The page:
How to make a Molotov cocktail out of the food crisis

Molotov cocktail

How to make a Molotov cocktail…

1 oz. rising oil and metal prices
1 oz. predicted 5.5 percent growth
2 oz. climbing food prices
1 oz. increasing number of people pushed into poverty
Dash of political instability and slowed progress

On Sunday in the Financial Times, Donald Kaberuka, head of the African Development Bank, said that “rising oil and food prices are combining to create a ‘Molotov cocktail’ for Africa as the continent attempts to push ahead with its recovery from the economic crisis.”

Of course, a real Molotov cocktail is an improvised incendiary device or explosive. While high prices may not cause the physical damage that Molotov cocktails unleash in Bond films, the riots, suffering and civil unrest that do result can be just as explosive.

Riots over the price of food and fuel broke out last month in Uganda amid political turmoil. “Bread riots” are only going to proliferate, according to “The new geopolitics of food,” an article by Lester Brown in Foreign Policy magazine, since we can no longer rely on idle cropland and multiplying yields to cushion us against grain shocks.

But shouldn’t higher commodity prices be a boon for African countries with rich mineral and oil deposits? Already, the IMF is predicting gross domestic product (GDP) growth of 5.5 percent for Africa in 2012, regaining growth levels experienced prior to the 2009 global financial crisis: “Recovery is near-complete in most of the region’s 29 low-income countries and seven oil exporters with gradual recovery in the region’s middle-income countries.”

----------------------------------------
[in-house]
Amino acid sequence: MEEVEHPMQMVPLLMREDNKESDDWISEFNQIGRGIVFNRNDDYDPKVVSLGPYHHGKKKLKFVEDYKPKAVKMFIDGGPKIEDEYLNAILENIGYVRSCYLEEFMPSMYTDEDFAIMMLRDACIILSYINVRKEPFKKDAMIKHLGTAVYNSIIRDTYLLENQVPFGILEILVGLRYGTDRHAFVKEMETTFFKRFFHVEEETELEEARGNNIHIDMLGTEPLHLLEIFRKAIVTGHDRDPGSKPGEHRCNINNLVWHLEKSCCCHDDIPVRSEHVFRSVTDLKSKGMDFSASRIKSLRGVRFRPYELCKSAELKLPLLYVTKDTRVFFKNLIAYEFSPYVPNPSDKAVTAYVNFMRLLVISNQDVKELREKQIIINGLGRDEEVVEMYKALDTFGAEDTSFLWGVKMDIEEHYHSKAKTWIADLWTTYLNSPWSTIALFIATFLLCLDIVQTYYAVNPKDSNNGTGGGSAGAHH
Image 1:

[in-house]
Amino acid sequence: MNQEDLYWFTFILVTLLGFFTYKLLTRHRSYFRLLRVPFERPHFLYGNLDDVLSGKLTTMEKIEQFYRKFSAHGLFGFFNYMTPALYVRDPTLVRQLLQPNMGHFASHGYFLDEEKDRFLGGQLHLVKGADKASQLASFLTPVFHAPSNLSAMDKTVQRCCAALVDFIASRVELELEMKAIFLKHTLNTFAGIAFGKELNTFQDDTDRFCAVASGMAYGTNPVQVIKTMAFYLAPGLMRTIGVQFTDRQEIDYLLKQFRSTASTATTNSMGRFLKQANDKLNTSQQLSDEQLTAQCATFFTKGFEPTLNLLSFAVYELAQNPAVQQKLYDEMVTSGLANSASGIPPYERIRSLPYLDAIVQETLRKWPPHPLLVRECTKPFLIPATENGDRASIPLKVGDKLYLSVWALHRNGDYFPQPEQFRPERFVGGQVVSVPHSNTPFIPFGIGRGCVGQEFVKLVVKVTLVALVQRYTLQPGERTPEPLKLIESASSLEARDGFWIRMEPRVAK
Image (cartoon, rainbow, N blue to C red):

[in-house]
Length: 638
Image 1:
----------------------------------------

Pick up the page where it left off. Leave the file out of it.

Yet, overall growth can mask underlying inequities. ONE discussed just a few weeks ago that high food prices had not pushed their way into an African continent buffered by good harvests. But just a few weeks later, high prices are hitting hard at home in East Africa.

Ethiopia experienced poor rains hurting the second harvest of the season and planting for next year’s crop. Wheat prices are up nearly 50 percent and maize prices are more than 40 percent higher than last year. Prices in Kenya, Tanzania and Uganda have increased by 10 to 20 percent over the last month alone.

After all, the 2008 commodity boom, had mixed and mostly negative results in Africa –- six years of strong overall economic growth followed by an intense period of unrest as the underlying inequities became too prominent to ignore, followed finally by a major drop off and stagnation in economic productivity.

The trick for African nations is to make sure that resources earned from oil, minerals and metals are used to offset the costs of rising food import bills alongside making necessary investments in agricultural growth and putting safety nets in place for those families which are hit the hardest by soaring costs of food. Donors can help them along this path and encourage African national investment by meeting their L’Aquila promises to invest $22 billion in agriculture and food security by 2012.

Photo courtesy of the Wikimedia Commons